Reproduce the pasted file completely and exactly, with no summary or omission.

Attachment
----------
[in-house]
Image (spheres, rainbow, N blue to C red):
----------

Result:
[in-house]
Image (spheres, rainbow, N blue to C red):